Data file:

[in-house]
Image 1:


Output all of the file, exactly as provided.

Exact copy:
[in-house]
Image 1: